Caryl Phillips, the award-winning author of eight novels and four books of essays, as well as plays, film and radio scripts and numerous articles will read from and talk about his new book Foreigners, as the guest speaker of the Royal and Shirley Durst Chair Lecture Series, October 3 at 7 PM in the Recital Hall of the Purchase College Performing Arts Center.
Tickets are $20 and can be purchased by calling the Box Office at 914-251-6200 or visiting www.artscenter.org.
Foreigners presents the stories of three black men whose tragic lives exemplify the place of the foreigner in English society: Francis Barber, “given” to the 18th century writer Samuel Johnson; Randolph Turpin, a world champion boxer who defeated Sugar Ray Robinson in 1951 but ended his life in debt and despair; and David Oluwale, a Nigerian stowaway who arrived in Leeds in 1949 and died at the hands of police in 1969. In discussing their stories, Mr. Phillips explores the central themes of his work: belonging, identity, diaspora and race.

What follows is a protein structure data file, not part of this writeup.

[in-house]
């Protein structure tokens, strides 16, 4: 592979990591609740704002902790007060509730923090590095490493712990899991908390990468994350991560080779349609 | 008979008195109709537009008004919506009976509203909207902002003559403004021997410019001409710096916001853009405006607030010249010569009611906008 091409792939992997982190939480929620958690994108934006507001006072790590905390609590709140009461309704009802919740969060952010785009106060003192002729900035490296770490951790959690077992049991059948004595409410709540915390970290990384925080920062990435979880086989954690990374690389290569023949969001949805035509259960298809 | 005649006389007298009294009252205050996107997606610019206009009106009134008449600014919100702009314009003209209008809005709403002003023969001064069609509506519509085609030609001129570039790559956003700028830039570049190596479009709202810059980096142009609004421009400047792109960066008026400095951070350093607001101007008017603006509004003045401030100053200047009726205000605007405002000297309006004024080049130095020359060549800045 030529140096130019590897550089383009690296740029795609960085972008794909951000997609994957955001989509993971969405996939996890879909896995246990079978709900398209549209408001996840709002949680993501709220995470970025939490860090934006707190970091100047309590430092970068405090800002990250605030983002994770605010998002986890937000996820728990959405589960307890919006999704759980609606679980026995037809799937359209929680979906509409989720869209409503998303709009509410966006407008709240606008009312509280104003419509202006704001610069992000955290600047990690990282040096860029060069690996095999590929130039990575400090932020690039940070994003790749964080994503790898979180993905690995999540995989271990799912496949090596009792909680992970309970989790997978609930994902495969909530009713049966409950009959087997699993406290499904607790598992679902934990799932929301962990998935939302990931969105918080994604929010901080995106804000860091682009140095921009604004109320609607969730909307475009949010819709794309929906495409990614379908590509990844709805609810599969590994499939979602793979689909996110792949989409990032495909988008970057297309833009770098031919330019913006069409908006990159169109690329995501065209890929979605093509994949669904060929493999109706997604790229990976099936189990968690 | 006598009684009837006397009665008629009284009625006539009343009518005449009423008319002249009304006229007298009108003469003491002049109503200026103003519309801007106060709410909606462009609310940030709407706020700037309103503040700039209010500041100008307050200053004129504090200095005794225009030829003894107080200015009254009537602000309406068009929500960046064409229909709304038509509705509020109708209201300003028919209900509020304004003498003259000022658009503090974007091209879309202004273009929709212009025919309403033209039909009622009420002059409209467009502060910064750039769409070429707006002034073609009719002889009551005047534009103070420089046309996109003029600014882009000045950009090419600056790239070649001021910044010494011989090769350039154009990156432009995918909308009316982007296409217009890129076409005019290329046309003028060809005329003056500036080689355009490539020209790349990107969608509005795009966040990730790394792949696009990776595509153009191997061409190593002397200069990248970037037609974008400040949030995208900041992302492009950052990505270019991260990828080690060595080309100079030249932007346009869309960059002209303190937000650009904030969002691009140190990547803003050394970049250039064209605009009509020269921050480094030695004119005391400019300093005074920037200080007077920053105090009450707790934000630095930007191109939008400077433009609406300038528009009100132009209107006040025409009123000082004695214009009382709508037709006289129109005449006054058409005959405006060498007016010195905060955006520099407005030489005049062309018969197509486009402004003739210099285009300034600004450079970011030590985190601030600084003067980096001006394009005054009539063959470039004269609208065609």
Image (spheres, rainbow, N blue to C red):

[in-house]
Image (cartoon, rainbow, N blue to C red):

Caryl Phillips was born in St. Kitts, grew up in Leeds, in northern England, and currently lives in New York. He has been a Professor of English at Yale University since 2005.
A prodigious traveler and prolific journalist, Phillips is the recipient of the Pen/Beyond Margins Award, the Commonwealth Writers Prize, the Lannan Literary Award, the James Tait Black Award, the Martin Luther King, Jr. Memorial Prize, and the Malcolm X Prize for Literature. In 2000 he was made a Fellow of the Royal Society of Literature.